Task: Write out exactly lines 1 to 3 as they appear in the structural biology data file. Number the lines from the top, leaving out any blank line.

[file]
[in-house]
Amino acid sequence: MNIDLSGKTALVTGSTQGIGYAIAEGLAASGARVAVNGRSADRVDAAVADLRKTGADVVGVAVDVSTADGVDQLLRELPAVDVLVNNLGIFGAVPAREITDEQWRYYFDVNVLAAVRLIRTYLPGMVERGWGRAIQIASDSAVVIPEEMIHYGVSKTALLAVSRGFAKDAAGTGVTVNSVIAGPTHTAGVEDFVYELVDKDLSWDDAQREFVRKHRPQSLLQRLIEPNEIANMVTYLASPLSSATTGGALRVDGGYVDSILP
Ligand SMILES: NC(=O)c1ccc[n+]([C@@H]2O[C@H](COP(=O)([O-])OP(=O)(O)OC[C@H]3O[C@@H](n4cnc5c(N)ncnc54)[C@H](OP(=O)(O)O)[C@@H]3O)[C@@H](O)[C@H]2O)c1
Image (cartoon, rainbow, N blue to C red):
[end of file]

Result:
[in-house]
Amino acid sequence: MNIDLSGKTALVTGSTQGIGYAIAEGLAASGARVAVNGRSADRVDAAVADLRKTGADVVGVAVDVSTADGVDQLLRELPAVDVLVNNLGIFGAVPAREITDEQWRYYFDVNVLAAVRLIRTYLPGMVERGWGRAIQIASDSAVVIPEEMIHYGVSKTALLAVSRGFAKDAAGTGVTVNSVIAGPTHTAGVEDFVYELVDKDLSWDDAQREFVRKHRPQSLLQRLIEPNEIANMVTYLASPLSSATTGGALRVDGGYVDSILP
Ligand SMILES: NC(=O)c1ccc[n+]([C@@H]2O[C@H](COP(=O)([O-])OP(=O)(O)OC[C@H]3O[C@@H](n4cnc5c(N)ncnc54)[C@H](OP(=O)(O)O)[C@@H]3O)[C@@H](O)[C@H]2O)c1